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Baule, Yaure, Attie,
Democratic Republic of Congo
wood and pigments, 22" (55.8 cm)
42. Igbo Elephant spirit mask, Nigeria, wood and pigments, 22" (55.8 cm)|
Commonly danced in northeast Igboland, the Ogbodo Enyi, or elephant spirit mask, has a complex battery of social functions. The mask is related to age/grade societies among the male Igbo, and is one of the few masquerades that can include both elderly men and young boys. It is primarily used during dry season festivals where a village is purified by an elder and then physically cleaned up by young adults and children.
Even the youngest of the age/grade groups (uncircumcised youths) put on an Ogbodo Enyi masquerade. It is expensive to commission the mask and costume, and the success of the performance attests to the capacity of the members of the age/grade group to work together for common social aims. Leaders of the group are chosen and maskers are decided upon, though it is believes that the mask chooses its own dancer. Dancers must be strong as the dance is quite vigorous and can last between 3-6 hours under a 25 lb. mask!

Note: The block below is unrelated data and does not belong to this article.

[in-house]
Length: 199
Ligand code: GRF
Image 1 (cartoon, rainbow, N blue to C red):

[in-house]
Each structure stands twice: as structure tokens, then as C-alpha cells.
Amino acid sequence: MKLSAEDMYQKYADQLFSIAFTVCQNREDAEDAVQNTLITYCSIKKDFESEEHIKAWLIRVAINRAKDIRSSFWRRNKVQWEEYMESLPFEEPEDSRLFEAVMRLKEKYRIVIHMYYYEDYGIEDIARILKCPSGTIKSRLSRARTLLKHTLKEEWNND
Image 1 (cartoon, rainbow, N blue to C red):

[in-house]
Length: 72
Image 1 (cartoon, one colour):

The actual mask is an elephant by design, and the human head (other times a full figure or two heads) at the opposite end is called ntekpe, which represents various things. The ntekpe are usually only found on the Ogbodo Enyi of the senior age/grades, hence indicating the most powerful group with the greatest spiritual authority.
Since 1975 this is the only Igbo masquerade also danced by women. In 1975 children in the Izzi-Igbo village area of Nkaliki began to die of mysterious causes. Petitions to Uke, the community oracle, caused the deaths to stop. Uke then, in a dream to its priestess, made a unique request- the women needed to organize and dance Ogbodo Enyi in its honor.
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